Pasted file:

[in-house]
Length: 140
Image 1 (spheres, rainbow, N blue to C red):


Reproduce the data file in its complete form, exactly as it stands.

[in-house]
Length: 140
Image 1 (spheres, rainbow, N blue to C red):